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Service & Assistance Animals


A service animal is defined by the Americans with Disabilities Act (ADA) as any dog1 that is individually trained to do work or perform tasks for the benefit of an individual with a disability, including a physical, sensory, psychiatric, intellectual, or other mental disability.

1ADA revised regulations include a separate provision regarding miniature horses which have been trained to do work or perform tasks for individuals with disabilities. Entities covered by the ADA must modify their policies to permit miniature horses when reasonable.

Examples of such work or tasks include, but are not limited to, guiding people who are blind, alerting people who are deaf, pulling a wheelchair, providing physical support and assistance with balance to individuals with mobility impairments, alerting and protecting a person who is having a seizure, reminding a person to take prescribed medications, calming a person with Post Traumatic Stress Disorder (PTSD) during an anxiety attack, or performing other duties. The work or task a service animal has been trained to provide must be directly related to the person’s disability.

Assistance animals, therapy animals and companion animals are not service animals under the ADA. Other species of animals, whether wild or domestic, trained or untrained, are not service animals for the purposes of these guidelines. The crime deterrent effects of an animal’s presence and the provision of emotional support, well-being, comfort, or companionship do not constitute work or tasks for the purposes of this definition.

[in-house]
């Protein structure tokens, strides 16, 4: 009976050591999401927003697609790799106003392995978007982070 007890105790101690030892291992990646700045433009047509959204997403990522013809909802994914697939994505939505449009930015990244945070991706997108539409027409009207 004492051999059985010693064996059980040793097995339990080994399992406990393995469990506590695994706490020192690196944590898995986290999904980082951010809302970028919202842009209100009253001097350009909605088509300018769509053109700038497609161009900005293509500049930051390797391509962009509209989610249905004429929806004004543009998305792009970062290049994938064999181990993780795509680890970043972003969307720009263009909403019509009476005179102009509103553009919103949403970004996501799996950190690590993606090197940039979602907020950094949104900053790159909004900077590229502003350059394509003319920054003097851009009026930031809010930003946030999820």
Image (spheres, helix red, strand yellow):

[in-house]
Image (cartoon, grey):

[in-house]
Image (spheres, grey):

Position Statement

As a general rule, UAB will modify policies, practices, and procedures to permit the use of a service animal by an individual with a disability. Service animals are exempt from the university’s policy of no animals on campus and are generally permitted in all facilities and programs on the UAB campus that are open to the public or to students except as described below.

License or Documentation

A service animal does not have to be licensed or certified as a service animal. UAB officials may, however, appropriately ask the individual to answer: a) whether the service animal is required because of a disability, and b) what work or task(s) the animal is trained to perform.

Service Animals in UAB Non-Residential Facilities

  • Students who use a service animal in UAB facilities are not required, but are strongly encouraged, to contact UAB Disability Support Services (DSS), who can assist in making recommendations on how the student can handle inquiries. It is helpful for DSS to know the type of service animal, a description of the service animal (e.g. weight, breed, etc.), and the animal's name.
  • Visitors: Service animals accompanying individuals with disabilities are welcome in all areas of campus that are open to the public, except as otherwise prohibited in this policy. Specific questions related to the use of service animals on the UAB campus by visitors can be directed to DSS (contact information below).